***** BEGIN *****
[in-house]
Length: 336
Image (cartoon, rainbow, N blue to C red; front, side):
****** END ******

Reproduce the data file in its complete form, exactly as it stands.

[in-house]
Length: 336
Image (cartoon, rainbow, N blue to C red; front, side):